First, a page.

Magnus Carlsen has long since won everything there is to win. But the chess world champion has higher goals. To achieve this, he even dares a power struggle with the traditionalists.
On a Saturday evening in December, Magnus Carlsen went to bed with a grin on his face. He was enchanted by what had happened a few hours earlier at the football stadium on Anfield Road in Liverpool.
How Sadio Mané passed the ball through the penalty area, how Divock Origi hit it with his instep, how Mohamed Salah steered it into the goal with his heel. In England, the goal, although very pretty, was no big deal. In Norway, however, one man was so happy about it that he still grinned even in bed. That evening in December, Magnus Carlsen, the world’s best chess player, was also the world’s best Premier League manager.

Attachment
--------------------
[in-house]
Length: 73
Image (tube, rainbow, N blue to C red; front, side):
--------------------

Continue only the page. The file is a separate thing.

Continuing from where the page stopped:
Now, eight months later, Carlsen is ranked eleventh in the final ranking of managers, according to the website of “Fantasy Premier League”. More than seven million people played there this football season: They signed up before the first day of the game, were allowed to spend 100 million virtual pounds on 15 professionals from the English premier league, and if their players managed to get good action on real grass, points were awarded on the Internet. When Salah hit the goal in December with a hoe, Carlsen was suddenly first, ahead of seven million others, hard to believe.